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Treating everyone the same can turn your team from dynamic to an army of robots.[/caption]You might think that this is a sign of GREAT leadership. Nope. It's a sign of passable leadership. You don't want to be just "good."We all know the Golden Rule; to treat others the way we would like to be treated. It's a good first step, but your employees will likely all want to be treated differently because they are driven by different things.For example, you might be training several new customer service reps in your new role as a team leader. One of them is intense and extroverted, bringing up the energy of the whole team. He loves getting public praise for his accomplishments but can be very sensitive about critique. A couple of others are more soft spoken, but you learn quickly that they have excellent phone skills. They prefer to get their kudos or reprimands on your one-on-one sessions, and one of them likes to get very specific feedback on how they can improve and rise to management over time. One employee is a bit more brusque, but is incredibly detail-oriented and systemizes everything. Praise is nice, but she's more interested in getting paid what she's worth.You cannot treat these people as yourself because they are not the same people. They have vastly different motivations in their work, and they will all want something different from you. If you meet them where they are, find out what makes them tick, and play to their strengths, you will end up with a cohesive team that knows that you respect them, and that you have their back.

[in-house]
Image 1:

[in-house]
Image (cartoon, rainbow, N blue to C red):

3.) Taking the title "Supervisor" literally

If you're just there to make sure they're at their desks, delegate tasks, and collect data, you're doing it wrong. Really, really wrong.You are in a position of leadership. That does not mean that you just make sure everyone does their job and assign projects, it means you teach and train those people to do their job better to achieve the results you want. Ideally, they will move up in your company. Perhaps they'll take their skills elsewhere if need be. But if your people are not leaving from work better at something than when they arrived, you are missing the entire point of being in your role.Another TCS anecdote from my sales days: "1 great person = 3 good people." Want to turn those 3 good people into a team of nine? Mentor them. What's not working? What do they not understand? If you can't necessarily spend the time to train them on everything, what other tools can you give them?As a leader, you are poised to make a positive impact on the lives of the people who work for you, each and every day. The opportunity that this brings you will either yield massive employee loyalty, or you'll be scratching your head wondering why turnover is so high. There is always room for improvement - ask yourself what you can do to lead others better than you have been.